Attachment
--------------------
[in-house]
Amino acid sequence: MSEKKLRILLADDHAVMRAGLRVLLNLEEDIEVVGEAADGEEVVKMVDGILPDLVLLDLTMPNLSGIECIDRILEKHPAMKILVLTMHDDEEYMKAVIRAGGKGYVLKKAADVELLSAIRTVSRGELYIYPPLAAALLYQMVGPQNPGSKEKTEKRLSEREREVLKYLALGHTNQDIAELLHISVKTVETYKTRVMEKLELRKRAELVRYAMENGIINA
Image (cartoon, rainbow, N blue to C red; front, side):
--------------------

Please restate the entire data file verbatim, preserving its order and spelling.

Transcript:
[in-house]
Amino acid sequence: MSEKKLRILLADDHAVMRAGLRVLLNLEEDIEVVGEAADGEEVVKMVDGILPDLVLLDLTMPNLSGIECIDRILEKHPAMKILVLTMHDDEEYMKAVIRAGGKGYVLKKAADVELLSAIRTVSRGELYIYPPLAAALLYQMVGPQNPGSKEKTEKRLSEREREVLKYLALGHTNQDIAELLHISVKTVETYKTRVMEKLELRKRAELVRYAMENGIINA
Image (cartoon, rainbow, N blue to C red; front, side):